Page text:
Is Sponsorship Killing Sailing?


The Volvo Ocean Race recently released a 133 page report into the previous edition. Much of that report was dedicated to the return on investment received by sponsors of the race.

One of the findings of the report was that sponsors of sailing can get better returns than other sports because the brand-name is mentioned more than the names of the athletes. The report says:

“The Volvo Ocean Race occupies an exceptional space in the sporting world as a major property that is universally referred to with a brand name in the title, while offering similar opportunities for sponsors backing individual teams.

The fact that sailors on board are not generally household names across the world can actually help sponsors too. There is little option for media covering the race but to refer to several brand names whereas in other sport, news organisations work hard to avoid making such references. With the Volvo Ocean Race, such avoidance is not realistically possible.”

While this sounds good for sponsors, it doesn’t sound like something that is good for the sport in the long term, especially if sailing wants to create long term fans.

Fans follow athletes or teams, they don’t follow brands, which makes the situation that the Volvo Ocean Race is currently in a bit strange. Race organisers have announced the first entry for the next race. The entry has a sponsor, but it has no skipper and no team – so where are the fans going to come from?

The team is designated as an all female entry. The thought process presumably is that women will follow the team because of that fact only. But what happens when the sponsor doesn’t want to be in sailing anymore? What happens to the team and what happens to the fans of that team?

The Vendee Globe, which has the advantage of featuring just one person per boat, also suffers sometimes as the PR people stuff their releases with the sponsor’s name. But fans of Mike Golding or Sam Davies can continue to follow their favourite even if they are wearing a different company’s logo from the last time.

Other teams, that benefit from the patronage of a wealthy private owner or investor can also create long term franchises, though these have the same problem of longevity if that backer decides they don’t want to play anymore.

Ironically, the sport of sailing has the structure to create location based teams that have long histories and traditions. The America’s Cup is based on this structure, being a competition between yacht clubs – though this is often underplayed.

The sport of sailing relies on sponsorship because the business model doesn’t provide many other forms of revenue, however – the balance of athlete recognition and sponsor brand recognition is needs to swing in favour of the competitors if long term fans are to be created.

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  • Pete, UK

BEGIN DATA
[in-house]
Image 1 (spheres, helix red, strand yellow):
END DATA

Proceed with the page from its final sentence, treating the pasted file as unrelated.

An interesting discussion to have, but I disagree with some of the key points.  You write that ‘fans follow athletes or teams, they don’t follow brands’.  I think this misses the point that during the Volvo the brand and the team become synonymous.  I certainly think of ‘Groupama’ or ‘Telefonica’ as teams, it just happens that the team name is also the name of a large company.  I could also name all of the skippers in the race, and actually think Volvo did a very good job of showing the public their characters and generating interest in individuals.

    The AC is a slightly different case, mainly because their coverage is significantly inferior to that of the Volvo, for example.  Having said that, I could still name key individuals from each team.

    I would also argue that a team such as Groupama is location based, and now does have quite a long history in sailing.  I think Franck Cammas would agree.  Likewise ETNZ, Oracle, Telefonica – even if the sailors aren’t always from the particular nation the team is based in.

    Personally I think the Volvo has set the bar incredibly high for sailing coverage, I followed it avidly and had a keen interest in the teams and individuals involved.  Long may their sponsorship (and more of its kind) continue.

  • JP

    Sailing needs to use sponsorship to build competitors and not the other way round. The sport will only ever maintain its sporting integrity (and heritage) with lasting heroes and champions. Dennis Conner is one of sailings great names and was a pioneer in commercialising the sport. His name is etched on many a trophy and club wall around the world. But could you name any of his sponsors from his first America’s Cup campaign? 

  • Simon D, UK

    “Cammas Groupama” is a great example of a partnership and that’s how it appears in social media and elsewhere. The athlete comes first. Yes Groupama benefits and many of the fans of the team will be employees of the company, but fans will continue to follow Franck after Groupama has gone. 

    Atlant racing is a franchise of sorts, but why not make it SCR Altant Racing just as you have Vodafone McLaren? That way the fans of Ericsson would have a DNA strand to follow over successive races. 

  • http://www.facebook.com/adingus Aileen Dingus

    I would argue that sponsorship is saving sailing.  At the most basic level- as the Mercury astronauts once said- “No bucks, no Buck Rogers.”  Without sponsors, the yachts would never leave the drawing table, let alone the dock.

    All levity aside though, I do believe that the current sponsor setup, while cumbersome, is good for the sport.  In my own case, I came to know the Volvo Ocean Race because I worked for one of the sponsors.  I got to know the sailors AFTER I got to know the sponsor.  When our particular race was over, I continued to follow the racers- cheering for Movistar, Team Russia, Green Dragon… any boat that had one of “my” guys on it.  By doing that, I learned who other sailors were, and started following them too.  Now I have an interest in the America’s Cup, thanks to the sailors who made that transition.

    What the sport could use is long-term sponsors, as you mentioned.  Ericsson and Telefonica were great- able to continue the program over two VORs.  Even beyond that- ASSA ABLOY to Ericsson, with the support of Karl-Henric Svanberg.  There was a line there, a stability that in my opinion, made for a great training platform, a good development atmosphere.  If you know that the sponsor is in it for at least one more race, you can build on what you’ve learned, making the 2nd (or 3rd etc) go ‘round less of a “from scratch” campaign.